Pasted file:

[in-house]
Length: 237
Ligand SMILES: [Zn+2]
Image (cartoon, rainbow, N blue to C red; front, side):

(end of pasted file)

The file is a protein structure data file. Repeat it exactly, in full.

[in-house]
Length: 237
Ligand SMILES: [Zn+2]
Image (cartoon, rainbow, N blue to C red; front, side):